One of my own heroes, filmmaker John Waters, discusses meeting Little Richard:

https://www.theguardian.com/music/2010/nov/28/john-waters-met-little-richard

https://www.rollingstone.com/music/music-features/john-waters-little-richard-996961/

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You might have noticed that there hasn’t been a Psycho Bunny sketch of the week, or a Caturday pinup lately. That’s because I’ve been busy working on a brand new webcomic. The first episode is up right now on WEBTOONS. The second installment should be up sometime next week. It’ll be part of a summer mini-series, titled Psycho Bunny – Summer of COVID19It’s free, so check it out and give me some love. 

Which leads to the Psycho Bunny sketch of the week for May 26, 2020.

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Psycho Bunny now has his own webcomic! You can read about his experiences with the Covid19 pandemic on WEBTOONS. Written and drawn by Michele Witchipoo, on WitchesBrewPress. May 2020.

If you haven’t heard,  I’ve re-opened my Etsy store: Michele Witchipoo. You can purchase some of my comics there. There’s also handmade holiday ornaments, greeting cards, and eventually other items for sale. Check back every so often, the store will continue to have more merch posted.

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I’ve also officially launched my Patreon account. Still learning the in and outs of Patreon fund raising. You can subscribe starting at $5.00 a month.

1925AD7F-F184-4DB6-B1B6-D70442BE8385

QUARANTINE GOT YOU BORED? HERE’S SOME SOCIAL MEDIA LINKS TO FOLLOW:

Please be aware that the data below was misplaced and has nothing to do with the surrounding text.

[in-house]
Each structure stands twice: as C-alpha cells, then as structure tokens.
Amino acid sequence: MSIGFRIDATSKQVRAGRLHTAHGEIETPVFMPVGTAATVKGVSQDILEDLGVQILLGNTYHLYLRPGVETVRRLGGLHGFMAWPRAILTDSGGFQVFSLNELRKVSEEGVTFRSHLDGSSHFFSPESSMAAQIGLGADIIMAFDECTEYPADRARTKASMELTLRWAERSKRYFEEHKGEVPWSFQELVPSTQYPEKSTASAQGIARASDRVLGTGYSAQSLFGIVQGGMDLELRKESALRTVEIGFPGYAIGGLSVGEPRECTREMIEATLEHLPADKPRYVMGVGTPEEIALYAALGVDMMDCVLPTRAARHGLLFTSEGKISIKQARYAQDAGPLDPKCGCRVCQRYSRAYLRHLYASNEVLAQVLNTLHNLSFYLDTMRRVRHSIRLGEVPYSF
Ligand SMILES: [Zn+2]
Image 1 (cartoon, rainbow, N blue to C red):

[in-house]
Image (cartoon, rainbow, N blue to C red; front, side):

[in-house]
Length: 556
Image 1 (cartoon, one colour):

Facebook: Psycho Bunny and for Michele Witchipoo – WitchesBrewPress.

 Twitter: One account for me, and one for Psycho Bunny.

Tumblr: World Ov Witchipoo

Instagram: there’s WitchipooArt

Want to buy some of my designs? There’s RedBubble: Witchipoo

Also. I’m available for commissions. Comics and greetings are available for purchase. No shame in this plug. Especially with the financial impact. Questions? Hit me up: Witchipoo@witchesbrewpress.net. You can also contact me via Instagram, @WitchipooArt

Be safe everyone.

 

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Since I was a child, I’ve always been fascinated by Egyptian mythology, history, etc. Earlier last week, I saw another illustrator do her take of Cleopatra. She titled hers ‘Cleocatra.’ Thought it was so cute, I decided to do my own version. Hand drawn, done in pen and ink.

Here’s the Caturday sketch of the week.

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Cleocatra. Michele Witchipoo. Hand drawn, pen and ink. May 2020. 

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Think it was the year 1982 or 1983. Around the time when Culture Club first tried to crack into the U.S. market with their first album ‘Kissing To Be Clever.’ I discovered Boy George and the rest of the crew thanks to a quick mention in People Magazine. One look at the black and white photograph, and I was intrigued. The next time I went with my mother to the Alexander’s department store on E. 59th street, my curiosity lead to the record section on the top floor. I was the first kid on the block to own a Culture Club record, and immediately outcast by my Queens junior high peers. The label of ‘freak‘ was slapped upon me. Back in those days, Boy George’s gender bending look was an assault on the American mainstream.

My parents didn’t understand my newfound fascination with Boy George. The good news was, unlike other parents, my parents gave me enough freedom to explore different types of music, art, etc. That turned out to be my saving grace. I was an only child caught in a dysfunctional family. A misfit among my school mates. Wasn’t fond of my neighborhood. Worse of all, I really hated my hairstyle. For some godawful reason, my mother insisted of getting my hair cut in a certain way. That haircut was completely unflattering. It was through my Culture Club fandom that I first discovered how ignorant people can be. Oh, and by the time high school rolled around, I took total control of my own look. I adopted a Siouxsie hairstyle, joining the mid/late ’80s Post Punk crowd. Everyone on my block was horrified about my Goth look. I reviled in it.